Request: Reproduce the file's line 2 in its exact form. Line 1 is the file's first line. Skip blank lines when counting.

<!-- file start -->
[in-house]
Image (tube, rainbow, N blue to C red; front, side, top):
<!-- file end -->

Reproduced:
Image (tube, rainbow, N blue to C red; front, side, top):